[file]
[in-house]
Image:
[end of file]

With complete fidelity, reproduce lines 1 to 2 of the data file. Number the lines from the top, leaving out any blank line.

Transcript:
[in-house]
Image: